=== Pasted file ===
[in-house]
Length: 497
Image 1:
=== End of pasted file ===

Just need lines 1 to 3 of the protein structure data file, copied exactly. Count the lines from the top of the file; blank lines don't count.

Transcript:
[in-house]
Length: 497
Image 1: